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It is named for R. Crosby Kemper Sr., a member of the powerful Kemper financial clan and who donated $3.2 million, from his estate for the arena. It is the ongoing host of the American Royal livestock show.
Kemper Arena was built in 18 months in 1973–74 on the site of the former Kansas City Stockyards just west of downtown in the West Bottoms to replace the 8,000-seat Municipal Auditorium to play host to the city's professional basketball and hockey teams.
The arena was the first major project of German architect Helmut Jahn who was to go on to become an important architect of his era.
The building was revolutionary in its simplicity and the fact it did not have interior columns obstructing views. Its roof is suspended by exterior steel trusses. The nearly windowless structure contrasts to Jahn's later signature style of providing wide open glass enclosed spaces. Kemper's exterior skeleton style was to be used extensively throughout Jahn's other projects.
- Nitro - May 11, 1998
- Over The Edge 1999 - May 23, 1999
- Smackdown! - August 26, 1999
- Nitro - October 4, 1999
- Slamboree 2000 - May 7, 2000
- Backlash 2002 - April 21, 2002
Death of Owen Hart
At Over The Edge 1999, when Owen Hart was to challenge The Godfather for the WWF Intercontinental Champion's title, he was performing as the Blue Blazer. The character was a superhero gimmick that parodied various wrestlers. At Over the Edge, Hart was to emulate World Championship Wrestling (WCW) wrestler Sting's (Steve Borden) ring entrance by descending from the arena rafters into the ring. The entrance was successfully tested on the November 15, 1998, episode of Sunday Night Heat; however, during his descent at Over the Edge, a cable disengaged from the safety vest he wore, causing him to fall over 70 feet from the rafters into the ring. As he fell, his chest landed on one of the ring's padded turnbuckles. The accident was not viewed by television viewers. A pre-recorded interview video was shown at the start of Hart's descent, and when the broadcast returned live, the cameras quickly turned away from the ring to the audience. Soon afterward, Jim Ross, one of the commentators of the event, informed pay-per-view viewers that Hart had fallen from the rafters, that the incident was "not a part of the entertainment" and that it was "a real situation". EMTs came down to the ring and gave Hart CPR, but he showed no response to the treatment. Bringing Hart out on a gurney, the EMTs boarded the heavily injured wrestler into an ambulance and took him to a nearby hospital in Kansas City.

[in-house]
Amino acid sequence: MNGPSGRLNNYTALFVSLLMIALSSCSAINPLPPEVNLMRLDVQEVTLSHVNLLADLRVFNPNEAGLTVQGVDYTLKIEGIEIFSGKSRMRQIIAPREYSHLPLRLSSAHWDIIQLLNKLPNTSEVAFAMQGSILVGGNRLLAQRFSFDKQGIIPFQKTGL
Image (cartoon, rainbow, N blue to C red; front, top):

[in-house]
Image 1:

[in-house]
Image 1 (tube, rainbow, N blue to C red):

After the incident, the event was halted for fifteen minutes, until Vince McMahon and other WWF Corporate officials made the decision to continue the event. Hart's coworkers, professional wrestlers and other miscellaneous workers, appeared somber after Hart's fall as they continued to do their jobs. An hour after the event restarted, Ross informed pay-per-view viewers that Hart had died at the age of 34 at a nearby hospital. The fans in attendance were not told any information about what had happened to Hart, and they did not hear the announcement of his death.